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Show that $$\lim_{(x,y)\to(0,0)}\frac{x^4y^4}{(x^2+y^4)^3}$$ D.N.E

In order to do this I should consider two paths and show that they do not reach the same limit.

Consider when $x=0$.

Then we have $\lim_{y\to 0}\dfrac{y^4}{y^{12}}=\dfrac{1}{y^8}=\infty$

Similarly if we choose $y=0$, then we have

Then we have $\lim_{x\to 0}\dfrac{x^4}{x^{6}}=\dfrac{1}{x^2}=\infty$

Since both of these limits approach an asympote, can I even use them to show that the limit does not exist? Or must they approach a finite number?

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    $\begingroup$ The limit is zero as $x=0$. $\endgroup$ – Nosrati Sep 24 '17 at 16:05
  • $\begingroup$ If you choose $x = 0$, then what happened to the $x^4$ in the numerator. $\endgroup$ – A---B Sep 24 '17 at 16:06
  • $\begingroup$ I see my mistake. THe entire numerator becomes $0$ in that case resuling in the limit becoming $0$ $\endgroup$ – K Split X Sep 24 '17 at 16:18
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Take the path $(x=0, y\rightarrow0)$, limit is $0$.

Take the path $(x^2=y^4;x,y\rightarrow 0)$, limit $=\frac1{8}$ and you are DONE!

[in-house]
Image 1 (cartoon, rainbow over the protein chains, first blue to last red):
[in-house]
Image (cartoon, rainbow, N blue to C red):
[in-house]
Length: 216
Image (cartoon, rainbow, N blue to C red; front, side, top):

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Write the function as $$\frac{x^4 y^4}{(x^2 + y^4)^3} = \frac{x^4 y^4 / x^6}{(1 + (y^4/x^2))^3} = \frac{y^4/x^2}{(1+(y^4/x^2))^3}.$$ Now we can see that if $(x,y) \to (0,0)$ in such a way that the ratio $y^4/x^2$ does not tend to $0$, the resulting limit will not be zero. This furnishes the motivation behind the choice of path $x = y^2$. In fact, we can see that for any real constant $c$, if we choose the parametrization $(x,y) = (t^2, ct)$, then $y^4/x^2 = c^4$ is independent of the parameter $t$, and $$\lim_{(x,y) \to (0,0)} \frac{x^4 y^4}{(x^2 + y^4)^3} = \lim_{t \to 0} \frac{c^4}{(1+c^4)^3} = \frac{c^4}{(1+c^4)^3}.$$

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